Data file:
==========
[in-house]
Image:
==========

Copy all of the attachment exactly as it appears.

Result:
[in-house]
Image: